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I've always heard that the "zh" (ʒ) sound (e.g. in "vision", "usually") was an uncommon sound in the English language. A quick Google search returns multiple results (The Relative Frequency of Phonemes in General-American English, Most common sounds in spoken English) that indicate that not only is it uncommon, it's the most infrequently used phoneme, at 0.07% usage frequency.

According to Most common sounds in spoken English, other than "oy" (ɔɪ) — such as in "boy" — with its 0.10% usage, every other phoneme is used at least 5 times more frequently than "zh". The most common phoneme (ə) by contrast occurs with 11.49% usage frequency — 164 times more frequently.

As an aside, as a native U.S. English speaker, "zh" (or the similarly infrequently used "oy", for that matter), doesn't feel particularly strange or alien, despite its relatively infrequency.

I haven't had much luck finding information on why this phoneme is so infrequent, though it's very probable it's a problem with how I'm searching.

Why is the "zh" (ʒ) so infrequent in the English language? Is there something in how the language evolved that resulted in its infrequent, yet still present, usage?

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  • "the most infrequently used phoneme"? Aren't there phonemes, like the tongue click in some African languages (often written as "!"), or the trilled "r" sound of Finnish, that don't even occur in English? And are pretty well impossible for some English speakers (me!) to learn as adults?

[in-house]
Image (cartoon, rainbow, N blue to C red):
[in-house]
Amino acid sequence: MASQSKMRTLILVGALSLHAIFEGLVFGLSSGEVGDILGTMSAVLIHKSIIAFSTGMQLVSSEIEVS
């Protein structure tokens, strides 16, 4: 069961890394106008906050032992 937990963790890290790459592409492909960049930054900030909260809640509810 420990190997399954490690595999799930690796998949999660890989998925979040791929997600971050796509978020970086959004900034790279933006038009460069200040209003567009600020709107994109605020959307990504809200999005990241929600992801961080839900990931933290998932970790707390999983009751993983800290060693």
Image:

– jamesqf
    Mar 28, 2021 at 16:54
  • Related: english.stackexchange.com/a/456361/365490 Mar 28, 2021 at 17:31
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    @jamesqf Given that the preceding sentence is referring to its frequency in English, I would think it's pretty clear that this phrase is intended to be referring to the English language specifically. I can edit if that helps clarity, but I'm not sure that it does.
    – M. Justin
    Mar 28, 2021 at 18:00
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    @jamesqf The term 'phoneme' refers to a construct in a particular language. Phonemes don't exist outside of a particular language system; sounds (sometimes called 'phones') do, but phonemes not. So the question is entirely clear in referring to English.
    – Alan Munn
    Mar 29, 2021 at 18:47

2 Answers 2

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I would say it is a combination of two factors that show up separately in other sounds with token frequency on the low end.

/ʒ/ never developed in vocabulary inherited from Proto-Germanic

English is categorized as a Germanic language, which is a group of languages that are all thought to be descended from a common ancestor that we call Proto-Germanic. (The modern language called German is another one of these languages, but despite the name, Proto-Germanic has no special connection to German compared to English, Dutch, Swedish, or any other Germanic language.)